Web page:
Appeals judge grants temporary injunction against de Blasio’s vaccine mandate for DOE employees


A U.S. Federal Appeals Court temporarily halted Mayor Bill de Blasio’s vaccine mandate for the Department of Education blocking officials from enforcing the order which required all adult school staff to get inoculated against COVID-19.

The mandate, which was originally set to go into effect Monday morning, would have forced almost all 150,000 central and school-based staff like teachers, principals, janitors, and school lunch workers to submit proof of having gotten at least one dose of a COVID-19 vaccine to the department by midnight Sept. 27.

But on Friday a judge for the 2nd U.S. Circuit Court of Appeals issued a temporary injunction against the mandate and referred the case to a three-judge panel. The case has been calendared for review by the Circuit for this Wednesday, Sept. 29.

Although the majority of DOE staff is at least partially vaccinated, some school staff and labor unions have worried the mandate would cause a school staffing shortage of up to 10,000 employees prompting the city´s principal and teacher union to call on City officials to delay the mandate.

On Monday, de Blasio said he was “very, very confident” the injunction would be lifted during the hearing scheduled later for this week and that the order would go into effect by this Friday, Oct. 1.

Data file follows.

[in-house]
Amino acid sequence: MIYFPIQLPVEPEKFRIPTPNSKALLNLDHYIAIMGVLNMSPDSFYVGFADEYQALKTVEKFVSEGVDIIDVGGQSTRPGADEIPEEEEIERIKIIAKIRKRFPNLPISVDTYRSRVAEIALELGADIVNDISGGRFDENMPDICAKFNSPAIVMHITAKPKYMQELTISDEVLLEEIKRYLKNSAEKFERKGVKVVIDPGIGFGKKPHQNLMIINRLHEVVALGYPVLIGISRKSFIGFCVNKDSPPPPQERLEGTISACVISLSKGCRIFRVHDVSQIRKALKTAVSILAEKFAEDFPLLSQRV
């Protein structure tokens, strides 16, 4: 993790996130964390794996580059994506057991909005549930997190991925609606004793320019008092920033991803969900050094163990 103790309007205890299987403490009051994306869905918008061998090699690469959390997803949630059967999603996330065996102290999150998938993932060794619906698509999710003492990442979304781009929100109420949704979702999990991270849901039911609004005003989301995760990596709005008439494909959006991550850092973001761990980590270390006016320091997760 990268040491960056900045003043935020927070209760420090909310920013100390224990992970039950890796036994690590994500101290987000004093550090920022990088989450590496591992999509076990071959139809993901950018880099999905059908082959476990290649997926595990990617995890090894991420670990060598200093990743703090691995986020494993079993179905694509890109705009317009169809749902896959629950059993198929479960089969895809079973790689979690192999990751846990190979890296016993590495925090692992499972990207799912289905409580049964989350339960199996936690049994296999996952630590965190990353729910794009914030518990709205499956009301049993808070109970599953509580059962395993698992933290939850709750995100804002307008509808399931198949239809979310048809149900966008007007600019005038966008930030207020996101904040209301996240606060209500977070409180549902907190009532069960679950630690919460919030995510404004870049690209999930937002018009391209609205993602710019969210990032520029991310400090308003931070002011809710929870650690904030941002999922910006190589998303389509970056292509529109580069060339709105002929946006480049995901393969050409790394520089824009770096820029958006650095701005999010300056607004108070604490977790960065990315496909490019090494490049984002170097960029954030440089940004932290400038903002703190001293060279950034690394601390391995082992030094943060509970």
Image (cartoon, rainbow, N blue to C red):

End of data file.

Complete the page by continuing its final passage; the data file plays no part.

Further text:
“We’re confident our vaccine mandate will continue to be upheld once all the facts have been presented because that is the level of protection our students and staff deserve,” said DOE spokesperson Danielle Filson who added that over the weekend 8,000 DOE staffers got a shot of a COVID-19 vaccine ahead of the mandate’s deadline.

About 87% of all DOE staff, 90% of public school teachers, and 97% of public school principals have gotten at least one dose of a COVID vaccine officials said Monday.

In response to the blocked order, all DOE employees are subject to the City´s earlier vax-or-test mandate.

“In the course of this week, we are very, very confident the City’s department of education is going to prevail because we are trying to protect kids, we’re trying to protect families and we’re trying to protect working people in our school,” said de Blasio Monday morning.

This article appears courtesy of our sister publication amNewYork

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